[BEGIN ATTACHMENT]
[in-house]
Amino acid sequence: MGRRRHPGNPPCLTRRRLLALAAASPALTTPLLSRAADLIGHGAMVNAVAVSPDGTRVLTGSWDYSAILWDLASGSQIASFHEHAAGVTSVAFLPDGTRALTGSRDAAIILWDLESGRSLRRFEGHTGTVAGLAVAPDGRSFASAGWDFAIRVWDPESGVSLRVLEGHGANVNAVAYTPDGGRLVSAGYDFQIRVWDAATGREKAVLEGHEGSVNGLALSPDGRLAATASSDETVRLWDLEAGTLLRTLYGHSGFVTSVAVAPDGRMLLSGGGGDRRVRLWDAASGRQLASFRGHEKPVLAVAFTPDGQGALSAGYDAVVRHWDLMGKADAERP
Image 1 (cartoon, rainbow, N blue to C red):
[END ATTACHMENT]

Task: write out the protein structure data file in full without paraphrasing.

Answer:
[in-house]
Amino acid sequence: MGRRRHPGNPPCLTRRRLLALAAASPALTTPLLSRAADLIGHGAMVNAVAVSPDGTRVLTGSWDYSAILWDLASGSQIASFHEHAAGVTSVAFLPDGTRALTGSRDAAIILWDLESGRSLRRFEGHTGTVAGLAVAPDGRSFASAGWDFAIRVWDPESGVSLRVLEGHGANVNAVAYTPDGGRLVSAGYDFQIRVWDAATGREKAVLEGHEGSVNGLALSPDGRLAATASSDETVRLWDLEAGTLLRTLYGHSGFVTSVAVAPDGRMLLSGGGGDRRVRLWDAASGRQLASFRGHEKPVLAVAFTPDGQGALSAGYDAVVRHWDLMGKADAERP
Image 1 (cartoon, rainbow, N blue to C red):